Let me try to make the point by describing for you where I was just one week ago. It was my privilege to preach at a dedication service for a church in the village of Kohtapehta, some 200 kilometers north of the city of Madras. The village is home to about 2,000 people known as the Yanadi tribe. Until a year ago they were some of the most feared people in India. They were fierce warriors and killers. They were devil worshipers and snake charmers. Their pagan rituals were so brutal and intense that they would actually vomit blood as an act of obeisance to their pagan gods. Each year at planting time, in order to gain the favor of the gods for a good harvest, they would select a child from the village, cut off the child’s arms or legs, and leave the limbs in the field as an offering.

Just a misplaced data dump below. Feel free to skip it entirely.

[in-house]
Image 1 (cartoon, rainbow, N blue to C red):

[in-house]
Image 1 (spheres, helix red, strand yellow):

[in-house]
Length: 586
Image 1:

Then came Jesus Christ and a man named Kamalekar. His name literally means “victory in Christ.” What a name and what a man! Kamalekar is a legend in that part of India. He is a small, wiry man with a gigantic faith and an indefatigable energy. Several years ago, he asked God what he wanted him to do and he heard God say “Take the Gospel to the villages.” That he is doing. With an incredible courage, he is walking into these pagan or Hindu villages and establishing churches—42 in the last year. Six months ago he began working in Kohtapehta. Miraculous conversions began to occur. The whole village was affected. Their pagan animistic practices were set aside even though not everyone in the village is yet a Christian. I preached out in the open air with the village Christians seated on the ground before me. They sang Gospel songs in their Telugu language, many of them written by Kamalekar himself. He then translated for me as I preached. I preached on the subject of Jesus and the man at the pool of Bethesda who had been ill for 38 years. As the service unfolded, hundreds of the other villagers came and clustered about the edges of the field. They listened and reacted, both to the service and to the sermon. When I finished, twelve men and women came forward and asked to be baptized.